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Westminster Shorter Catechism Project

The Presbyterian Standards

Francis R. Beattie




This chapter leads to the exposition of what is usually called the estates of the Redeemer. So far, at least, as the Confession is concerned, some of the same things will come up for discussion as have engaged attention in the two preceding chapters. It is in the Catechisms that special and very complete statements are to be found. The Shorter has two suggestive questions upon this subject, while the Larger has no fewer than ten, which cover the whole ground very fully, and give a more extended statement of the same facts as are set down in the fourth section of the eighth chapter of the Confession.

In a general way, the estates of Christ embrace all those stages of experience and activity through which the Redeemer passed, specially during the period from his incarnation till his glorification. They describe all that he was, did, and suffered from the time that he left his Father's bosom till he returned to his Father's right hand. It is evident, therefore, that a knowledge of what is involved in these estates is very necessary in order to obtain a complete view of what Christ was, what he became, and what he endured, and how he triumphed as the Mediator of the covenant and Redeemer of his people. These estates are, therefore, considered with some care in this chapter.

I. Christ's Estate of Humiliation.

In this estate the prophetic office comes clearly into view in the personal teaching of Jesus Christ on the earth, but the priestly work of the Redeemer is still more prominent, especially towards the close of his ministry among men. As a great teacher sent from God he was exercising the prophetic office when he spake as never man spake; and then, in the obedience which he rendered and in the sufferings he bore, and specially in the death which he endured, he was discharging the important functions of the priestly office. It is at the same time to be remembered that the kingly office was not in abeyance, though it was in the background, in this estate, whose particulars are now to be explained.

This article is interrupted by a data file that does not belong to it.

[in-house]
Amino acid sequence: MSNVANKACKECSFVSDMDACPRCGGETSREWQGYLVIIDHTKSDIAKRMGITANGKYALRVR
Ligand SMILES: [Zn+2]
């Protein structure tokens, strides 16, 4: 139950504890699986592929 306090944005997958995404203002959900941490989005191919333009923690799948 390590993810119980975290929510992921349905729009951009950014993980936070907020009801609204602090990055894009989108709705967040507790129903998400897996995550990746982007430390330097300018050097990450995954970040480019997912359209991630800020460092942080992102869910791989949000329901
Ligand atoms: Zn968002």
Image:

1. Christ Humbled Himself in his Birth.

The humiliation of Christ, which is that low condition in which for our sakes he emptied himself of his glory, and took upon him the form of a servant, really begins with his incarnation and birth, although in the divine purpose it was ideally in view from all eternity. All that was involved in emptying himself of his glory, and in assuming humanity into union with his deity, of course, cannot be fully understood or explained. The Standards state the fact, but do not offer any elaborate explanation of it. In his conception and birth it is evident that he greatly humbled himself. The second person of the adorable Trinity appeared as a helpless babe at Bethlehem. He was the eternal Son of God, and dwelt in the bosom of the Father; yet, in the fulness of time he became the Son of man and was found in fashion as a man. Then he was born of a woman in the lowly walks of life. He was not born of princely parentage or of lofty lineage, though he was of the house of David, for that once royal house was now in decadence. His advent, too, was marked by not a few circumstances of more than ordinary abasement. He was born among strangers, far from home, and in a stable. He was cradled in a manger with the dumb animals about him, yet out on the plains near by the heavenly hosts, with their divine anthem, heralded his advent. The Lord of glory was a babe in the lowly manger.

2. Christ Humbled Himself in his Life.

Here the whole of that wonderful life of Jesus of Nazareth might be properly described, and this would give a picture such as men had never seen, or the world never known. He subjected himself to the stern demands of law, although as its author he was really above the law under whose claims he voluntarily passed for a time. Having thus taken his place under the law, there came to him as a matter of course much of hardship and humiliation. He submitted to the ceremonial law, and so was circumcised, observed the Passover, and lived as a Jew. He also came of his own volition under moral law, and assumed his place under the legal conditions of the covenant of grace, and thus undertook to render the perfect obedience which was required in all these relations.